Right off the bat I see the pump is grounded and the other wire gets 12 volts to turn it on, just like all the other cars I'm familiar with. There is a fuel pump relay. It's part of a "relay set" shown on the bottom of page 9. It appears current for the pump comes from pin 34 of the control module, (top right corner), and through a fuse feeding the relay, but they don't say which one.
After following this around for a while, it looks almost exactly like the automatic shutdown (ASD) relay circuit Chrysler has been using since the mid '80s. What I can't tell, however, is how the circuit works or what each terminal is for on the control module. That relay set has two relays inside it, one for the fuel pump and one for the injectors and other stuff, just like on Chryslers. Both relays are turned on by grounding a common wire, (circuit 85 / pin 28 of the module), just like on Chryslers.
Now I'm going to go out on a limb and make some educated guesses. The control module turns the fuel pump relay on, I think when it gets pulses from the distributor. The module grounds one side of the relay's coil. !2 volts feeds the other side of the coil from an inline fuse.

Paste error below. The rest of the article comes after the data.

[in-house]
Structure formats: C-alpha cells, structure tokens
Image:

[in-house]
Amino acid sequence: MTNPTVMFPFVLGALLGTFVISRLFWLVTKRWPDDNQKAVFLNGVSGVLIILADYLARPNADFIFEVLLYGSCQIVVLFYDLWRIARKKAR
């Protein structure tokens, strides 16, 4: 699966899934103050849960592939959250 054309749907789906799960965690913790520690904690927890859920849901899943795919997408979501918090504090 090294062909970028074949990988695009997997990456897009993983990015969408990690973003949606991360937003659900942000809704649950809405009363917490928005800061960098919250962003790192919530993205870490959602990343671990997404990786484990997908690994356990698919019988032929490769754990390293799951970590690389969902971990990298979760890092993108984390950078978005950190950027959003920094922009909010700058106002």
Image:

Now that the relay is turning on, it switches on the high-current 12 volts to power the pump motor. THAT 12 volts comes from the air flow sensor. That is shown as a switch too. My guess is:
1) There has to be air flow, meaning you're cranking the engine, to get the 12 volts up to the relay set.
2) The fuel pump relay needs 12 volts from the inline fuse, and
3) it needs to be grounded by the module when that sees pulses from the distributor.
If the fuel line is ruptured in a crash, the engine can't run without fuel pressure, so it stalls. There's no pulses from the distributor, so the module turns the fuel pump and injector relays off. Even if the fuel pump relay sticks on or is bypassed, there won't be any 12 volts to switch on to the pump when there's no air flowing through the air flow sensor. You have two things turning the pump off.
Check that inline fuse, and check the fresh air tube between the air flow sensor and the throttle body. If you have that removed, the sensor won't see any air flow and the pump will stop running.
Thursday, September 4th, 2014 AT 8:21 PM